Monday, March 20, 2006
That was fast ...
It appears that the Red Bulls plan to bring their fans with them went swimmingly.

Apparently over 600 people took los Toros Rojo up on their offer of a free bus trip and a free game ticket. The team was expecting around 150 or so people to sign up and actually got that in the first 45 minutes.

I figured, including $15 tickets, this trip will probably cost RBNY about $20,000. Chump change for the organization but a huge publicity and good-will program for the fans.

Friday, March 17, 2006
Top o' the Mornin'
As has been widely reported, the Red Bulls will be shipping "pretty much" as many fans as want to go to D.C. for the opening game of the season versus United.

The catch? Well, it's not really a catch, I guess. It's free.

Fans have to go to the team's website,, on Monday at noon to sign up. It's a $25 deposit which is refunded if you get on the bus. Don't get on the bus? You forfit your $25.

Sounds simple to me.

Now, there are some people on the BS Red Bulls board decrying this as a blatant attempt to pander to the hardcore Metro fans and to get them to get over the greivances.

Well, duh.

Who cares what the reason is? Red Bull bought the team in order to improve the Red Bull image in the New York market place. Owning the team is primarily a marketing tool for them ... a way to make money on their primary product. Know what? Welcome to sports in the 21st century. If it makes your team better, and there's no way Red Bull's going to allow the team to suck for long, then do as Teh Belly says and enjoy it and have fun.

If not, go find another team.
Monday, March 13, 2006
SNL's not really that funny ...
But, still, when the TFKATM (team formerly known as the MetroStars) are featured in a segment of Weekend Update (video is here »), well, that's more publicity than the team has received since 1996.

Still happy with the sale.

(Hattip: FirstRowIdiots)
Sunday, March 12, 2006
Home sweet home ...
So, construction appears ready to start on the Harrison Stadium for the Red Bulls and the update includes one interesting tidbit I hadn't heard before.
Plans for the 20,000-seat stadium, which will also be designed to host concerts and other special events, may change slightly to include a retractable roof, McDonough added.
Someone tell me again how having Red Bull as an owner in the league is a bad thing?
Saturday, March 11, 2006
Upside of Anger
First things first: the League, the AEG corporation, soccer and, most importantly, his wife and son are worse off for Doug Hamilton's passing late Wednesday night. Not only is it a shock because it's not something I would have seen coming for a man who ostensibly was in great shape, but it's a huge loss for the league. He was someone who really understood how the system worked and how to grow the sport in America. He will be missed.

On to less important issues:

Yoda had it right: fear leads to anger, anger leads to hate, hate leads to suffering. Suffering leads to watching golf on television. Or maybe it's the other way around.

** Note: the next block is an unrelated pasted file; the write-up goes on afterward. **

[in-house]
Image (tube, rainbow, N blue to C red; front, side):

Still, the people who are seething over the MetroStars name change and decrying it as something shameful for this act of including a product in the name of a professional sporting unit (see BigSoccer, The) are entirely missing the boat.

It's never been about the name.

So, get over it. And welcome to the 21st freakin' century. It's the best thing to happen to MLS, well, probably ever, and sometimes when you have the brass cojones to make big decisions (see Garberhino, Donald) you're gonna have the lesser balled taking potshots at you.

No one loves a sports franchise, be it collegiate or professional, because of the name of the team. Never have, never will. I love the University of Georgia because I spent five years in the greatest college town on Earth (four studying, one internship) and I gave blood, sweat and tears to that place. I grew up with it and became an adult within its confines. It's in my blood. Doesn't matter if it's a Georgia or a Nebraska or a Akron State ... the passion that a sports fan develops comes from being raised to appreciate a particular institution, a college or an athlete.

It's about discussing boxscores with your mom or dad, sleeping outside in the cold for playoff tickets or planning your weekend around the game. It's learning to love players, to love colors or to love the stadium atmosphere.

And you're saying, "Well, Perro, you're shooting holes in your own argument. If the Metros were still around, there'd still be that tradition, that love that we've built over the last ten years."

To you I say, "Yeah, you're probably right. But the players haven't changed. The stadium's still the same. You're now going to get what's probably the best stadium in MLS and you might actually see your team being marketed."

The Metros weren't going anywhere. Not sentenced to a quick rip, like taking off a band-aid like the fans of San Jose, but of being left to whither on the vine, ignored until it was too late.

Frankly, you should be happy that someone said, "I see potential there. I see opportunity. I see a club that I want to save."

You were going to lose your club. At least it's not a permanent loss. Now you have a chance to build up that love again and this time without worrying if it will be here for the long haul. New York Red Bull, and by extension MLS, is here to stay. And if they want to call the team Red Bull, it's just something you get to learn to love.

Here's a Vodka Red Bull to toast Mr. Hamilton. May he rest in peace.